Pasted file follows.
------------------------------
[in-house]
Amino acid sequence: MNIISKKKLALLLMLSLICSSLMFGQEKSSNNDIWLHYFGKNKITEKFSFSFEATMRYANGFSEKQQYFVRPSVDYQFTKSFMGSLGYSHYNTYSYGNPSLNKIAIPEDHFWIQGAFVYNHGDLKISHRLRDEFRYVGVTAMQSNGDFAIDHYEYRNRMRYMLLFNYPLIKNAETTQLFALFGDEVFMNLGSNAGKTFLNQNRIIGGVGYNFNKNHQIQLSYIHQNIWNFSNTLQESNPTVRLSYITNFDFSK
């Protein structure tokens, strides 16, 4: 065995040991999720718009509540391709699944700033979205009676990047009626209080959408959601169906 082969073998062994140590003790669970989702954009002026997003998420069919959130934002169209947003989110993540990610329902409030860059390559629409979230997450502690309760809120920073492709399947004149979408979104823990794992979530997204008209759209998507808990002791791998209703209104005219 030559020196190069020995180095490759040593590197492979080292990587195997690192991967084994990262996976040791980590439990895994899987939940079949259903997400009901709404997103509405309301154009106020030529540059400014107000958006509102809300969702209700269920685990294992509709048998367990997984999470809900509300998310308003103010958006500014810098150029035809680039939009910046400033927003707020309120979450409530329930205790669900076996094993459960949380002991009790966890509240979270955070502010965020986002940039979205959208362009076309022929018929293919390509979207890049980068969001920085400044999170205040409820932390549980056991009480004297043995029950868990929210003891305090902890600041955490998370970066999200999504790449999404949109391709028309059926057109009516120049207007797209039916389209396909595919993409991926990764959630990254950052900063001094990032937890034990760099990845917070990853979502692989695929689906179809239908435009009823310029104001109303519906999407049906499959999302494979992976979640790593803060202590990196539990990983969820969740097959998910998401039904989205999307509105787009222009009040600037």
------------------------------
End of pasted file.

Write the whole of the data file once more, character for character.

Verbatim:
[in-house]
Amino acid sequence: MNIISKKKLALLLMLSLICSSLMFGQEKSSNNDIWLHYFGKNKITEKFSFSFEATMRYANGFSEKQQYFVRPSVDYQFTKSFMGSLGYSHYNTYSYGNPSLNKIAIPEDHFWIQGAFVYNHGDLKISHRLRDEFRYVGVTAMQSNGDFAIDHYEYRNRMRYMLLFNYPLIKNAETTQLFALFGDEVFMNLGSNAGKTFLNQNRIIGGVGYNFNKNHQIQLSYIHQNIWNFSNTLQESNPTVRLSYITNFDFSK
């Protein structure tokens, strides 16, 4: 065995040991999720718009509540391709699944700033979205009676990047009626209080959408959601169906 082969073998062994140590003790669970989702954009002026997003998420069919959130934002169209947003989110993540990610329902409030860059390559629409979230997450502690309760809120920073492709399947004149979408979104823990794992979530997204008209759209998507808990002791791998209703209104005219 030559020196190069020995180095490759040593590197492979080292990587195997690192991967084994990262996976040791980590439990895994899987939940079949259903997400009901709404997103509405309301154009106020030529540059400014107000958006509102809300969702209700269920685990294992509709048998367990997984999470809900509300998310308003103010958006500014810098150029035809680039939009910046400033927003707020309120979450409530329930205790669900076996094993459960949380002991009790966890509240979270955070502010965020986002940039979205959208362009076309022929018929293919390509979207890049980068969001920085400044999170205040409820932390549980056991009480004297043995029950868990929210003891305090902890600041955490998370970066999200999504790449999404949109391709028309059926057109009516120049207007797209039916389209396909595919993409991926990764959630990254950052900063001094990032937890034990760099990845917070990853979502692989695929689906179809239908435009009823310029104001109303519906999407049906499959999302494979992976979640790593803060202590990196539990990983969820969740097959998910998401039904989205999307509105787009222009009040600037």